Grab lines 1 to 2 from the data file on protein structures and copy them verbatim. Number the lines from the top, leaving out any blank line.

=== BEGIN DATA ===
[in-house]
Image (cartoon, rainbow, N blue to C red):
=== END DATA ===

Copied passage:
[in-house]
Image (cartoon, rainbow, N blue to C red):